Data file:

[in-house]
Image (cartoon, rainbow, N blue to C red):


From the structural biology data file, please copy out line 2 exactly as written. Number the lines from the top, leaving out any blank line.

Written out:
Image (cartoon, rainbow, N blue to C red):